Steve bowling to Craig


We crossed the railway and made our way over Mill Scar. As we approached Eller Beck we stopped at a flat oblonge shaped area of grass. This was the spot where a few years earlier we spent a fun afternoon using our survival bags as sledges sliding down a small snow covered slope. Steve opened his rucksack and took out a set of cricket wickets, a cricket bat and a corky style cricket ball. There were no bails so Milly donated a section of her walking pole. The ladies sat and admired the professional sportsmen in action. This was a truly spectacular reenactment of the War of the Roses, or at least it was until the Yorkshire man broke the bat which meant the game had to be abandoned. Co-incidence or was the Yorkshire man scared of the Lancastrian's superb fast arm bowling? With the cricket bat broken we carried on walking. We let Nicky walk through the ford before telling her that we weren't actually going that way. A steep climb saw us reach the path that skirts Cass Hill. There was hundreds of Foxgloves, probably my favourite wild flowers. As we passed high over the North York Moors Railway a diesel locomotive with several old carriages made its way through the valley. When we finally reached the descent to Beck Hole Steve made us all wait patiently for the next scheduled train. We all stood patiently waiting for a ">steam train to pass under the bridge in true Railway Children style but sadly we were let down and had to watch a fairly boring diesel locomotive instead.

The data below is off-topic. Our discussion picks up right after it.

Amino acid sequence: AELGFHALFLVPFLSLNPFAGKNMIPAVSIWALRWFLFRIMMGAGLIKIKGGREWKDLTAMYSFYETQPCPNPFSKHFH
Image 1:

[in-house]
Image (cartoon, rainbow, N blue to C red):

North York Moors Railway


We descended the road to Beck Hole. Another typical sleepy and idyllic North Yorkshire Moors village. At Beck Hole is the fascinating Birch Hall Inn. An incredibly cosy pub on one side of the building and sweet shop on the other. Both serviced by the same member of staff through a cobby-hole.  On the menu in the pub was Pork Pie, Pickle & Pint, we ordered several and headed to the beer garden at the rear of the pub in the Eller Beck gorge. Craig and myself, both sweet toothed headed for the sweet shop. The beer garden wasn't open the last time I was there, it is a great place to spend an afternoon. I scanned Eller Beck for wildlife and spotted a Yellow Wagtail and a Dipper both bobbing around on small rocks in the beck. Elaina harassed a few cute dogs as usual before doing some rather peculiar looking stretching exercises. By the time we left the Birch Hall Inn, Craig and Myself were starting to come down from our sugar rushes. We crossed the road in front of the pub and headed along the route of the Grosmont Rail Trail. We passed some lovely wee Pigs behind Incline Cottage then made our way up the old Beck Hole railway incline now a lovely walk through woodlands. Back at the Goathland car park we said goodbye to Robin then made our way back to Goathland, this time returning via the scenic route over and Wheeldale Moor which was very wild. Back at Newton-on-Rawcliffe we said our goodbyes.

I have uploaded the photos from the day here.

Route Map...

3 comments:

  1. Is that "fairly boring diesel locomotive" a Deltic by any chance?

    David M

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  2. The Deltic came through earlier, no idea what the brown thing was that came under the bridge.

    ReplyDelete
  3. Nice report and great photos! As for the War of the Roses...we'll need a re-match next year!

    ReplyDelete